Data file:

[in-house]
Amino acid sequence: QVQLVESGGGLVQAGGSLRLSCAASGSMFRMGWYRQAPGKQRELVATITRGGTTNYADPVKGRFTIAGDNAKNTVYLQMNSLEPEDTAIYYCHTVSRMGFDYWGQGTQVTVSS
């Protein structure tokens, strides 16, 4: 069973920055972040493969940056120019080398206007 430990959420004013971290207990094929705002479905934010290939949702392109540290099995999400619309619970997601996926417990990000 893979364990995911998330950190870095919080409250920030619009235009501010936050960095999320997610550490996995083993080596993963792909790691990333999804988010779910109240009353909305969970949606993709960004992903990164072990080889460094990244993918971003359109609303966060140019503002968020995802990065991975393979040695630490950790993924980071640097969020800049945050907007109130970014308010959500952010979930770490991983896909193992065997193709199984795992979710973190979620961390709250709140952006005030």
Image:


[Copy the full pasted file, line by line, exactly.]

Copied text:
[in-house]
Amino acid sequence: QVQLVESGGGLVQAGGSLRLSCAASGSMFRMGWYRQAPGKQRELVATITRGGTTNYADPVKGRFTIAGDNAKNTVYLQMNSLEPEDTAIYYCHTVSRMGFDYWGQGTQVTVSS
């Protein structure tokens, strides 16, 4: 069973920055972040493969940056120019080398206007 430990959420004013971290207990094929705002479905934010290939949702392109540290099995999400619309619970997601996926417990990000 893979364990995911998330950190870095919080409250920030619009235009501010936050960095999320997610550490996995083993080596993963792909790691990333999804988010779910109240009353909305969970949606993709960004992903990164072990080889460094990244993918971003359109609303966060140019503002968020995802990065991975393979040695630490950790993924980071640097969020800049945050907007109130970014308010959500952010979930770490991983896909193992065997193709199984795992979710973190979620961390709250709140952006005030």
Image: